Fees & fee Waivers

Please check filing fees for the Notice of Appeal. Checks or money orders should be made payable to Shasta County Superior Court, with the exception of the filing fee for the Court of Appeal. If you cannot afford to pay the filing fees and other court costs, you may qualify for a waiver of those costs. You may obtain the Application for Waiver of Court Fees and Costs at the Courthouse in Redding or by downloading the two forms below. There is no charge to file the application. Failure to pay the filing fee or obtain a waiver may result in dismissal of your appeal.

Filing a Notice of Appeal

The first step in an appeal is filing the written Notice of Appeal. This notice tells the other parties in the case and the court that you are appealing a decision of the trial court. The Notice of Appeal must be filed with the Appeals Unit before the filing deadline. For example, the Notice of Appeal in a felony case must be filed within 60 calendar days after sentencing. To find the filing deadline for your case, see the California Rules of Court, Rules 8.1-8.793. The Notice of Appeal may be written on pleading paper or can be made by completing the form specific to your type of appeal. Below are links to the more commonly used forms. Other forms can be found on the Judicial Council web site.

There are other time limits and regulations in proceeding with an appeal. Read the California Rules of Court to verify that you are meeting the timelines for every step. Failure to meet deadlines may result in dismissal of your appeal.


When the record is filed in the appellate court, you will receive notice of the time for oral argument. This hearing will be set far enough in advance to allow time to get all briefs filed. The Shasta County Superior Court holds oral arguments on the 3rd Tuesday morning of the month in at 8:00 a.m. They are currently held in Department 11, however it is always practical to check the hearing notice for the correct courtroom. You may appear at oral argument or give up your right to argue your case at a hearing. If you give up the right, you should contact the appellate court's clerk in writing and tell the court you are submitting the appeal on the briefs and the record. If you attend the hearing, you cannot present witnesses or evidence. The judges will have read your briefs and the record, so try to stress the important points rather than reading your brief to the court. After the hearing, you will be informed by mail of the decision.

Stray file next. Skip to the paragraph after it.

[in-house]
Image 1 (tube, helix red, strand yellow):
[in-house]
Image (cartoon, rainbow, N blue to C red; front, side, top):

Menacing Dog Appeal

Within five days after the dog has been declared potentially dangerous or vicious by an agency OTHER THAN THE CITY OF REDDING, the owner or keeper, within 5 calendar days may appeal to the Superior Court by using the judicial council form. IF THE APPEAL IS FROM A CITY OF REDDING DECISION, the appeal must comply with the City of Redding Municipal Code, Title 7, and a Petition for Writ of Mandate must be filed. In either of these instances, a filing fee is required or a fee waiver request must be filed.

This appeal is filed in the Civil Division Office.

Parking Ticket Appeal

Within 30 calendar days after the mailing or personal delivery of the final decision of a Parking Appeal from an agency the contestant may seek review by filing an appeal to be heard by the Superior Court. A proceeding under this subdivision is a limited civil case.

This appeal is filed in the Civil Division Office.

Small Claims Appeals

A small claims appeal is a trial de novo or new trial. You must file an appeal within thirty days of the mailing of Notice of Entry of Judgment. Refer to California Rules of Court, Rule 8.950 through 8.966 and see detailed information at the Judicial Council's web site.

This appeal is filed in the Civil Division Office.